One indicator of the current economy has been the massive upswing in library use; people who’ve been laid off are heading to the library for internet and computer access, people aren’t buying books as much, kids need a place to go if their parents’ jobs have changed or their caregiver has had to go to work again.
And, of course, library budgets have been threatened because of the economy.
So when the Brooklyn Public Library asked for donations to help keep the library’s doors opened, I ponied up what I could and crossed my fingers. Where else can I get a steady stream of new books, DVDs and books for my son? Judging by the amount of traffic I see going into my local branch, and by how many people wanted The Reader ahead of me (hurry up, all 327 of you!), I would say the library’s usage is thriving. So I was hoping the membership would also hear the call. And the city’s mayor, not a stupid guy, made sure the library was taken care of in the budget. Again, whew.
The library is a great leveller; people of all ethnicities, age and gender congregate there. And while you might think the one thing they have in common is literacy, that is not always the case; my son and I spent many hours there before he could read.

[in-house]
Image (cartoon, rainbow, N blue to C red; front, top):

I know from our books that the library in Regency times offered some of the same services, subscribing to the papers so people didn’t have to pay for an individual subscription, getting the latest ‘horrid novel’ so a young lady needn’t spend her pin money on it.
How about you? How has the economy affected your town or city’s cultural spots? Do you visit the library as often as I seem to? What is your secret library tip (mine is to get cookbooks out of the library first to test-drive the recipes; that way, if you like the book, you can buy, but cookbooks can be super-pricy, and you’re not sure you’ll like until you try)?
PS: The top pic is the main branch of my library, which is just gorgeous.